Routine screening typically includes testing for HIV, Syphilis, Gonorrhea, and Chlamydia. Infections like Herpes are typically diagnosed upon observation of skin lesions and there is not test for HPV for people with penises. So, make sure you ask what you are being tested for specifically and ensure that all body parts that are involved in your sexual activity are being tested.
“…at any given time 20 percent of the United States population is living with an STI — and absolutely none of those humans are worth any less as a person than a person who does not or has never had an STI. “
If, or when, you find out you have an STI, remind yourself that you do not lose value.
This one is hard. The current messaging that is dominant in our society is that a person who acquires an STI is now “less than” as a human — meaning that they are less worthy of love, relationship and sexually attractive. It’s hard not to believe this when a person comes up positive for an STI. Often, upon first diagnosis, people feel a variety of emotions that include shock, guilt, shame, anger, betrayal and shame. These feelings take time and care to work through. It may even take some support from a therapist, doctor, or group of people going through the same experiences. Contracting an STI can be very hard and learning to live with that STI, especially if it is permanent, will take some education, healing and care. There is never a time however, when having an STI diminishes a person’s worth.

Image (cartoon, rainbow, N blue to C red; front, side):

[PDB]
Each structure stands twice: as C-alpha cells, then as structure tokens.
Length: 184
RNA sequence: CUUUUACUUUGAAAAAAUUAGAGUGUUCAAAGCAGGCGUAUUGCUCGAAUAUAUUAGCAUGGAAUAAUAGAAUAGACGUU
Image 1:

Over 25 million new STI diagnoses happen every year meaning that at any given time 20 percent of the United States population is living with an STI — and absolutely none of those humans are worth any less as a person than a person who does not or has never had an STI.
When it comes to being sex positive and navigating sexually transmitted infections it is most helpful to remember that an STI does not define a person, that each person is in charge of their own sexual health and that there is no clean or dirty when it comes to infection. Because, after all, it’s an infection and often accidental. This month take charge of your health and get tested, even if you are in a relationship, so that you are informed about your health. And no matter the outcome, remember you are a person of worth, worthy of love and deserving of pleasure.